When it comes time for the workers to pick up their pay, they are all given the same amount—“the usual daily wage.” (vss. 8-9) It shocks the sensibilities of those who go through life measuring who deserves what. It’s no surprise that there was grumbling. (vs. 11) We have a hard time getting our minds around it.

Should we commend the landowner for contributing to full employment? We might picture the places where day laborers gather to see who will come around and hire them. What happens to those who wait all day and have not yet been chosen? Should we dismiss the landowner as having no economic sense whatsoever? Even today we struggle over the economics of extending unemployment benefits.

The landowner makes it clear that he lived up to his contract with the original workers. (vss. 13-14) It’s not about economics or even justice. It’s about mercy and grace and generosity. “Am I not allowed to do what I choose . . .,” the landowner asks. “Or are you envious because I am generous?” (vs. 15)

God’s generosity is not a reward for works accomplished. God has enough love that all are included, deserving or not (according to our standards).

This is not a picture of a God who spies on us with a checklist and keeps score. We see a generous God who welcomes us wherever and whenever we are in life’s journey.

In the epistle reading, Paul is struggling with whether he prefers to continue to live or not. (Philippians 1:21-24) He does not seem to be in a fit of depression, although one wonders whether the battle again Roman imperialism might have become a bit overwhelming. Philippi was a Roman colony, a center of Roman authority. Paul spent some time in prison there.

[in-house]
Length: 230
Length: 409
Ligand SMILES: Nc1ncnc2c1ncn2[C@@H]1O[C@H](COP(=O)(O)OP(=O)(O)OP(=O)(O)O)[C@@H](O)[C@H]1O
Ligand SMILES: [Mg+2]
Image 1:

Paul decides that to live, continuing to share in the loving relationship he has with the believers in Philippi, is “more necessary.” (vss. 24-25) The focus of what he has to say to them, however, brings us back to “worthiness.” What is important, he says, whether he is with them or not, is that they live their lives “in a manner worthy of the gospel of Christ . . .” (vs. 27) Worthiness here is not merit or something to be rewarded. The Greek text suggests living in a way “appropriate to” the gospel, in a way that is “becoming” to the gospel (as the King James Version has it), that reflects well on the gospel. Worthiness is not about reward, pay for tasks accomplished. It is about lives rooted in the spiritual nourishment (to mix metaphors) that flows from God’s generosity. It is not about reward but inner strength so that we “are in no way intimidated by” the things the world throws at us. It is not about being bought off by “bread” distributed by oppressive powers. Worthiness is a way of living in the midst of the struggle of this life—wherever and whenever we are in life’s journey.


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Kairos-Milwaukie UCC Blog

Reflections on the Revised Common Lectionary by Rev. Rick Skidmore and Rev. Jim Ogden.